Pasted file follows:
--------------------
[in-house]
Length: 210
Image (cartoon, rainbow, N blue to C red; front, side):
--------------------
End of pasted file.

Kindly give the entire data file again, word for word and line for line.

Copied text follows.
[in-house]
Length: 210
Image (cartoon, rainbow, N blue to C red; front, side):